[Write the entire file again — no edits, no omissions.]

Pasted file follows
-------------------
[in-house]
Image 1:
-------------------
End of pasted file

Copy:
[in-house]
Image 1: